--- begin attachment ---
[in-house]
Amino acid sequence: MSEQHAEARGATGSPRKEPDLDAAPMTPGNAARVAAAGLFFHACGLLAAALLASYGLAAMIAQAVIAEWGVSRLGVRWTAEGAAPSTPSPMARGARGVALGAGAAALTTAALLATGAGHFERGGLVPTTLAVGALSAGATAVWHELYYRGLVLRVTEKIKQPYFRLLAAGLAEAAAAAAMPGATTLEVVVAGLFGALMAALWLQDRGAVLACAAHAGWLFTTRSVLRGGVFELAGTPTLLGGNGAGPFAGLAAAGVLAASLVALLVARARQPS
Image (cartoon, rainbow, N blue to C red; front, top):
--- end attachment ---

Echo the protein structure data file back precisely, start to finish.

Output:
[in-house]
Amino acid sequence: MSEQHAEARGATGSPRKEPDLDAAPMTPGNAARVAAAGLFFHACGLLAAALLASYGLAAMIAQAVIAEWGVSRLGVRWTAEGAAPSTPSPMARGARGVALGAGAAALTTAALLATGAGHFERGGLVPTTLAVGALSAGATAVWHELYYRGLVLRVTEKIKQPYFRLLAAGLAEAAAAAAMPGATTLEVVVAGLFGALMAALWLQDRGAVLACAAHAGWLFTTRSVLRGGVFELAGTPTLLGGNGAGPFAGLAAAGVLAASLVALLVARARQPS
Image (cartoon, rainbow, N blue to C red; front, top):